Tooth Extraction -
A Tooth extraction, when is it necessary?
During regular treatment, the dentist can discover a tooth or tooth that has been adjusted too much due to tooth decay or gum disease. Filling or repairing the tooth is no longer possible in these situations. The dentist will then decide to pull the tooth. This is called a tooth extraction.
An extraction can also be done to make room for your other teeth, for example with a very crooked tooth or molar. In most cases the wisdom teeth are pulled out.
It probably doesn’t need to be explained that the aforementioned problems can be very annoying, painful and even dangerous. If these problems occur, the relevant wisdom teeth must be pulled out.
A dentist or dental surgeon can also choose to remove one or more wisdom teeth as a precaution. They are often able to assess well in advance which choices will lead to problems in the future.
Together with the patient, an assessment is then made of the advantages and disadvantages of removing the molars. Often people choose to let it pull at a relatively young age, since the jawbone is better recovered in people under the age of twenty-five.
Wisdom teeth generally break through when people are between eighteen and twenty-four years old. For many people, however, it sometimes happens that they do not come through completely or not at all.
A lack of space is often a cause of this, just like a wrong breakthrough direction or obstruction due to the molar molar. This can cause problems. If the molar lies crooked in the jaw, it can press against the molar and damage it.
If the wisdom tooth has only partially come through, keeping it clean becomes a lot more difficult. This can lead to very annoying inflammations. With a partial breakthrough there is also a small piece of gum over the tooth. This is then easily inflamed and can even lead to an abscess.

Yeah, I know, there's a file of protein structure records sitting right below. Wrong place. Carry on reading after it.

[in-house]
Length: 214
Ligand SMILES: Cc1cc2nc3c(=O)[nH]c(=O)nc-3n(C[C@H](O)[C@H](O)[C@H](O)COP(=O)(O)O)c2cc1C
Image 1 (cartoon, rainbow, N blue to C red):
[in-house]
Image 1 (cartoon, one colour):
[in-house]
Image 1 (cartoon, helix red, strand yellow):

Possible complaints after a tooth extraction
After a tooth has been pulled, the following symptoms may occur:
The anesthetic will be exhausted after one to three hours. It is normal for you to get hurt. As soon as you notice that the anesthetic is running out, you can take a painkiller. Paracetamol, a painkiller that is for sale at the drugstore and pharmacy, is usually preferred. You may also receive a painkiller prescription from your dentist or dental surgeon;
2. After bleeding
Sometimes the wound bleeds after. A trace of blood mixed with saliva is normal. Does the bleeding stop automatically after about two hours? Then place a double bandage gauze or a rolled cotton handkerchief on your wound. Bite about fifteen minutes or press the spot where it is bleeding tightly with your thumb. Doesn’t the bleeding stop? Then contact your dentist or dental surgeon;
C or above? Then contact your dentist or dental surgeon;
Sometimes the jaw swells. To reduce that swelling, you can cool your face a little immediately after pulling. Put a few ice cubes in a plastic bag and put them in a washcloth. Hold the washcloth against your face where your tooth has been pulled. The swelling can increase for up to three days after the treatment, later turn blue (blood-shedding) and then turn yellow. Contact your dentist or dental surgeon if the swelling continues to increase or if you get swallowing symptoms;
Does the pain not subside after a few days? Or is it increasing? Do you also get a bad taste in your mouth? Then there may be an inflammation of the wound. In this case, you should contact one of our dentists in our dental practice in Ajman.
Our Technology Partners
Monday 10.00 am – 9 pm
Tuesday 10.00 am – 9 pm
Wednesday 10.00 am – 9 pm
Thursday 10.00 am – 9 pm
Friday 10.00 am – 9 pm
Saturday 10.00 am – 9 pm
Sunday For appointment's only